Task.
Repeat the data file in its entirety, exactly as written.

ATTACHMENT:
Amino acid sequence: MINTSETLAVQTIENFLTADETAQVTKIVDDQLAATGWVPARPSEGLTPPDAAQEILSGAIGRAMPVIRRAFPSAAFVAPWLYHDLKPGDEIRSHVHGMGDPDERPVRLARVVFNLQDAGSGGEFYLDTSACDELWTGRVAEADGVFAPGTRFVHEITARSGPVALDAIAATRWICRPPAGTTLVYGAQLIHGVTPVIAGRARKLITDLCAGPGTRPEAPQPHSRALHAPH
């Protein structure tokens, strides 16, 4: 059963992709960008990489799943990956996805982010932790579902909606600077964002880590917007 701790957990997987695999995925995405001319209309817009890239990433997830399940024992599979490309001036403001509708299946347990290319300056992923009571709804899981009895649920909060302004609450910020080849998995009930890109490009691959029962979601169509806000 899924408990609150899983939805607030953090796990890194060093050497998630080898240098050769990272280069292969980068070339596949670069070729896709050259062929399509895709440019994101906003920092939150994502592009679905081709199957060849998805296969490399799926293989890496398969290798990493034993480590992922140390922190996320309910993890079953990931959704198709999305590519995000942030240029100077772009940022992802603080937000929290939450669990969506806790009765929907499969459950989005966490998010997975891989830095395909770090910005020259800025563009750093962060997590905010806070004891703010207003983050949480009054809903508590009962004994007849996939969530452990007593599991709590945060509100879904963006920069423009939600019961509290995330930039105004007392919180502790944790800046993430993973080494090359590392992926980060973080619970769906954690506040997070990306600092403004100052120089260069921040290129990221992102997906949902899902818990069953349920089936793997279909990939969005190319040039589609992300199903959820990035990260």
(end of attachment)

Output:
Amino acid sequence: MINTSETLAVQTIENFLTADETAQVTKIVDDQLAATGWVPARPSEGLTPPDAAQEILSGAIGRAMPVIRRAFPSAAFVAPWLYHDLKPGDEIRSHVHGMGDPDERPVRLARVVFNLQDAGSGGEFYLDTSACDELWTGRVAEADGVFAPGTRFVHEITARSGPVALDAIAATRWICRPPAGTTLVYGAQLIHGVTPVIAGRARKLITDLCAGPGTRPEAPQPHSRALHAPH
């Protein structure tokens, strides 16, 4: 059963992709960008990489799943990956996805982010932790579902909606600077964002880590917007 701790957990997987695999995925995405001319209309817009890239990433997830399940024992599979490309001036403001509708299946347990290319300056992923009571709804899981009895649920909060302004609450910020080849998995009930890109490009691959029962979601169509806000 899924408990609150899983939805607030953090796990890194060093050497998630080898240098050769990272280069292969980068070339596949670069070729896709050259062929399509895709440019994101906003920092939150994502592009679905081709199957060849998805296969490399799926293989890496398969290798990493034993480590992922140390922190996320309910993890079953990931959704198709999305590519995000942030240029100077772009940022992802603080937000929290939450669990969506806790009765929907499969459950989005966490998010997975891989830095395909770090910005020259800025563009750093962060997590905010806070004891703010207003983050949480009054809903508590009962004994007849996939969530452990007593599991709590945060509100879904963006920069423009939600019961509290995330930039105004007392919180502790944790800046993430993973080494090359590392992926980060973080619970769906954690506040997070990306600092403004100052120089260069921040290129990221992102997906949902899902818990069953349920089936793997279909990939969005190319040039589609992300199903959820990035990260």